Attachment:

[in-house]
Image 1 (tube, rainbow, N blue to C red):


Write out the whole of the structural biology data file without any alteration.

[in-house]
Image 1 (tube, rainbow, N blue to C red):